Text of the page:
News of the US: Week One of July 1812

July 1:  “About 120 black troops arrived, it is said with a new Governor from Havanna, at Pensacola, about the beginning of July. . . .  There are now probably between four and five hundred troops at Pensacola.  The number at Mobile is, perhaps not more than 60 or 70.”–Raleigh Register, August 21, 1812

July 1:  From Augusta, Maine –“With agony of soul we are compelled–reluctantly compelled–to announce the melancholy and overwhelming tidings of a Declaration of WAR–a War which for some time past has been threatened–a War of which we have recently expressed our fears would involve our once happy and prosperous country to indescribable horror and bloodshed . . . Alas! alas! a dark day has commenced–Sorrow, gloom, and deep distress are visible in the countenances of our wisest and best citizens.”–Salem Gazette, July 10, 1812

July 1:  From Washington — “The house went into com. of the whole, Mr. Desha, in the chair, on the bill making further appropriations for the defence of the maritime frontiers of the U. States.”–Maryland Gazette, July 9, 1812

July 2:  From Washington — “The bill imposing an additional duty of 100 per cent. on all foreign imported goods has become a law.”–National Intelligencer, July 2, 1812

July 2:  Advertisement — “The sale of the Real Estate of Gen. Washington, which was to have taken place on the 29th ult. will take place on the premises at 12 o’clock on Monday the 6th Inst.”–National Intelligencer, July 2, 1812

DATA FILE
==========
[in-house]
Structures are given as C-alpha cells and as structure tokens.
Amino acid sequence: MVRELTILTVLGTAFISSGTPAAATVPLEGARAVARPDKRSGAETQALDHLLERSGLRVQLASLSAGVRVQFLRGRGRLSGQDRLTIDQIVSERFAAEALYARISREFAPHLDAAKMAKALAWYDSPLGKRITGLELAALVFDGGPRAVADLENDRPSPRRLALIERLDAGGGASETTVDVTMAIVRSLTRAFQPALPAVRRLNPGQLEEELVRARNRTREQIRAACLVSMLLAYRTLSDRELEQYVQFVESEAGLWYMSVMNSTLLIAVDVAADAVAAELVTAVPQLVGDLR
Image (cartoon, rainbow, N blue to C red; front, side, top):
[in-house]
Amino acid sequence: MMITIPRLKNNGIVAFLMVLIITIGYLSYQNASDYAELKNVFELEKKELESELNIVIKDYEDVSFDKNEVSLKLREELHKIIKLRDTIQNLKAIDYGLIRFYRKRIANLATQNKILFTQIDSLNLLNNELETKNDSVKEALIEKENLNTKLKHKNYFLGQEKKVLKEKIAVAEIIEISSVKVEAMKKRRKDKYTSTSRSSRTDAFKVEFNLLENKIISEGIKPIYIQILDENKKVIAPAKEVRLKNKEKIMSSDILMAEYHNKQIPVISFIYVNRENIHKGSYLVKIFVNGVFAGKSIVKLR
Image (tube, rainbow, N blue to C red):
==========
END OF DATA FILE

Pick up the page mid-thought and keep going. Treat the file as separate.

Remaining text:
July 2:  Taken from a Philadelphia paper — “The Louisiana Gazette of June 6 states that Red Thunder, the principal chief of the Sioux of the river St. Peter, on his way to Prairie du Chien, found six lodges of his nation dead by famine, forty-five other lodges of the same nation could not be found, and are supposed to have famished in the plains; spots were discovered where those starving wretches had pounded for food, such bones of the Buffaloe as had lain undisturbed in the prairie for years.”–Augusta Herald, July 16, 1812

July 3:  From Raleigh — “The Editors of the Register would here state, in justification of certain citizens of Raleigh who had the cannon discharged on hearing that Congress had declared War against Great-Britain, that the firing was not intended as an expression of joy that War was about to take place (as was insinuated last week by the Editors of the Minerva) but of approbation of the course taken by the General government.”–Raleigh Register, July 3, 1812

July 3:  From Halifax — “Having understood that the inhabitants of Easport have manifested a disposition to avoid hostilities with the subjects of Great Britain . . . we have respectively issued orders to the Naval and Land forces to respect the persons and property of the inhabitants of Eastport . . . .J. C. Sherbrooke, H. Sawyer”–New York Spectator, July 25, 1812

July 3:  In the House of Representatives – “Mr. Gholson presented the petition of col. Z. M. Pike, praying compensation for certain services rendered by him to the United. States.  Ordered to lie on the table.”—United States’ Gazette, July 9, 1812

July 4:  From New York — “On Saturday last, was celebrated, with unusual splendor, the 36th anniversary of American Independence.  As usual salutes were fired, and the Bells rung, at sunrise, mid-day, and sunset; and the Masters of vessels in port displayed their flags at mast head during the day.  The military force of our city never appeared to greater advantage, on any former occasion.”–New York Spectator, July 8, 1812

July 4:  Advertisement –“WASHINGTON THEATRE.  On Saturday Evening, July 4, 1812, Will be performed a favorite Comedy, in five acts. (never acted here,) called, HE WOULD BE A SOLDIER.”–National Intelligencer, July 4, 1812

July 4:  A toast given at Machias, Maine by Gen. John Cooper:  “A speedy peace with the only nation that stands between us and slavery.”–New York Herald, August 15, 1812